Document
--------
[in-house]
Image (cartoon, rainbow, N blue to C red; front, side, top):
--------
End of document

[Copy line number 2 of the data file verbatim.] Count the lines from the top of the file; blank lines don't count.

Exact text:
Image (cartoon, rainbow, N blue to C red; front, side, top):